Home Up Services About The Truth Useful Links Accomplishments Creative-Cost Plus OBAMACARE Newsletter Archive


S&S Benefits.....Opinion, Hearsay & News Review

S&S Benefits Consulting, Inc.  219 Darien , Dundee , IL 60118   Phone: 847-428-5353, Fax:847-428-9876

Email : jseiler@ssbenefits.net                                               http://www.ssbenefits.net/   June 2010 Issue

The Chairman of the medical loss ratio regulation work group at the American Academy of Actuaries issued a warning to the National Assoc. of Insurance Commissioners that the loss ratio rule proposed as part of the PPACA (health “reform” acronym) may force insurance carriers for individual policies out of business beginning as soon as June. If carriers feel they cannot meet the loss ratio rule or that the rebates they have to provide will make them insolvent, to get out of the market by January 1, 2011, they need to announce intent to withdraw at least six months prior to that date. A senior VP at Independence Holding Company also said the same may be true of small group insurance carriers.

The National Federation of Independent Business has announced that it joined 20 states in a lawsuit arguing that insurance coverage requirements in PPACA are unconstitutional. The NFIB has 350,000 members.

The Associated Press reports that the tax credits to help small business fall short of the “broad eligibility” that White House officials promoted. The credit is supposed to apply to firms with fewer than 25 workers and average annual wages under $50,000 (which cuts out a large number of businesses by itself). However, the credit drops off sharply once a company gets above 10 workers and $25,000 in average wages, which reduces the credit to near zero. In addition, the amount of the credit offsets the write off of the cost of coverage an employer normally takes.

Also lost in the fine print of PPACA is a new law requiring small business to produce 1099’s for any people or companies who sell them over $600 worth of goods and services. It may not seem like much, but almost every small business will now be issuing 1099’s to places such as Office Max or Staples, among others (and having to get their W-9’s to do so!). The time and expense of this will cost business dearly.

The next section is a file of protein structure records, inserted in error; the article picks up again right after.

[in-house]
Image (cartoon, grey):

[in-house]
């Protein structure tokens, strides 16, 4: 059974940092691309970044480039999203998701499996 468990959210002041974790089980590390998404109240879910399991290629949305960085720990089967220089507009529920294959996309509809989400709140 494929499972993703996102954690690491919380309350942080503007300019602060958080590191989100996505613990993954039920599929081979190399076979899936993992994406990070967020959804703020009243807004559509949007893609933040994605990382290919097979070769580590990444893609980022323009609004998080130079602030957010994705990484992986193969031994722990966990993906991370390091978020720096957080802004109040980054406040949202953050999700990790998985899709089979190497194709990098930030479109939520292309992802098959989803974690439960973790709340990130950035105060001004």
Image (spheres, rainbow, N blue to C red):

If you wish to be added or removed from the distribution of this newsletter, please email jseiler@ssbenefits.net

JHA surveyed 33 insurance carriers regarding the group life and disability insurance market. Group life in-force premium remained stable in 2009 and short term disability and long term disability each decreased by 2% in premium volume. The number of employers offering life coverage declined by 4% while LTD declined by 1%, and STD was up by 1%.

A survey of over 17,000 plans offered by over 12,000 employers shows that CDHPs grew by 33.9% in the past year and now cover more employees than HMOs (15.4% vs. 13.6%). The survey also found that plans with wellness programs cost more, averaging $8,391 per employee per year compared to $7,539 per employee for plans without wellness programs. This could be caused by those employers with the least healthy employees being more likely to adopt wellness as a strategy, or by the actual cost of preventive programs (which hopefully may lead to lesser claims in the long run). The average employer contribution for HSA accounts went down from $642 PEPY to $621 PEPY for single and from $1,053 per family to $977.

In another survey, AHIP says that 10 million Americans are covered by HSA plans. Thirty percent (3 million lives) of those were in the small group market, 50% in large group and 20% on individual plans.

According to Workscape, some 70% of surveyed HR professionals believe their employees are more appreciative and aware of their benefits package since the recession hit.

In terms of long term care costs, the median daily rate for adult day care was $60. The national median assisted living facility cost $3,185 monthly. The nursing home semi-private room rate median daily rate was $185, with a private room costing $206 per day.

The newly-released annual Milliman Medical Index found that the average total medical costs for a typical family of four enrolled in an employer-sponsored preferred provider organization plan in the United States is $18,074, an increase of $1,303, or 7.8 percent, from last year, the largest increase since the Index began six years ago.  The Index also found that, for the first time, an employer’s share for a typical family of four is over $10,000, at $10,744.  However, the Index found that costs vary significantly among the 14 regions examined, from an average of more than $20,000 in Miami , New York and Chicago to $16,071 in Phoenix .  In addition, the Index found that hospital inpatient costs grew by 9.8 percent this year, compared with 7.7 percent last year.